Monday, April 3, 2017

Some Basic Thoughts on Income


There has been quite a bit of discussion about the idea that everyone is entitled to a basic income just for existing.  Even the Wall Street Journal recently reviewed a book, Basic Income, by Philippe Van Parijs and Yannick Vanderborght, making it sound as if such redistribution was the solution to the growing wealth and income gap.
Not quite.
Fabian emblem: a wolf in sheep's clothing.
Yes, it sounds very nice to say that everyone should have enough to live on as a fundamental human right.  This is the idea behind Major Douglas’s “social credit,” a spin-off from Fabian socialism.  Douglas split from the Fabians over the issue of a basic income, in fact.
The Fabian line was that everybody should work at a wage system job for income . . . a proposal that caused Hilaire Belloc to write The Servile State in 1912.  It was also the goad that caused Belloc and G.K. Chesterton to develop the idea of “distributism.”
Distributism is the theory that capital ownership should be widespread, with a preference for small, family-owned farms and artisan workshops.  When enterprises must be large, workers should own them on shares, meaning they should be organized as joint-stock corporations in a way that vaguely resembles what we call a JBM S-Corp ESOP.
Douglas believed that since technology could produce all that people need, and everybody owns the production that results in common (we’re just repeating Douglas’s theory, which we consider completely wrong-headed), then everybody should receive a “national dividend” financed by inflating the currency — a “basic income.”
Here’s the problem.
People who produce what others consume without getting anything in return tend to get just a little resentful.  This sets up an “us v. them” mentality.  It doesn’t take too long before those people who are productive start demanding that all those people who are not productive be punished or eliminated.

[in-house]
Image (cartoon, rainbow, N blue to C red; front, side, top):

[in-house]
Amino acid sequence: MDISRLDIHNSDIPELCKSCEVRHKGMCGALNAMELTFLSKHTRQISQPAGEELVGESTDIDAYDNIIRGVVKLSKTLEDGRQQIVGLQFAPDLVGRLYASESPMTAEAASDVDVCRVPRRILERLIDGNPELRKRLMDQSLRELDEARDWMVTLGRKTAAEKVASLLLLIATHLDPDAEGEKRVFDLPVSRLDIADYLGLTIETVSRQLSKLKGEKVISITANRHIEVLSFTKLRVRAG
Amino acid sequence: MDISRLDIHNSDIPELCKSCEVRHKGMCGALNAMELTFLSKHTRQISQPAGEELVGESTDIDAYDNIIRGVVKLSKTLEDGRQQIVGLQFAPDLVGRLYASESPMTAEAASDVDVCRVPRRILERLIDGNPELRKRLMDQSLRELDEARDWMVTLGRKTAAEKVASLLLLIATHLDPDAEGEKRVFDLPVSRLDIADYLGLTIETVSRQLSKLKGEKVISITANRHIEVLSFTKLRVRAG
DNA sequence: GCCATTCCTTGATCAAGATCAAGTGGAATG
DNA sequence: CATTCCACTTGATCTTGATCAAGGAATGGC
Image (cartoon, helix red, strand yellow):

Nor is this anything new on the world scene.  It’s been with the human race from the very beginning.  As Abraham Lincoln noted in his debate with Stephen Douglas, it’s against nature for some to work and others to benefit:
It is the eternal struggle between these two principles — right and wrong — throughout the world. They are the two principles that have stood face to face from the beginning of time; and will ever continue to struggle. The one is the common right of humanity, and the other the divine right of kings. It is the same principle in whatever shape it develops itself. It is the same spirit that says, “You toil and work and earn bread, and I'll eat it.” No matter in what shape it comes, whether from the mouth of a king who seeks to bestride the people of his own nation and live by the fruit of their labor, or from one race of men as an apology for enslaving another race, it is the same tyrannical principle.
You can pretty up the rhetoric all you like, but that’s what it always boils down to.  If some people have the right to consume without producing, then others have the correlative duty to produce without themselves benefiting from it . . . a condition that can accurately be described as “slavery.”
As the first principle of economics and Say’s Law of Markets make clear, no one can consume what has not been produced.  That means anyone who consumes something without producing something can only get it from those who do produce.
Instead of trying to justify schemes that force some people to work for the benefit of others, it would be much better simply to figure out a way to make everyone productive, whether through labor or through capital.  And, fortunately, that’s already been done.  It’s called “Capital Homesteading,” and it’s a lot better all around than trying to figure out ways to change human nature.
#30#

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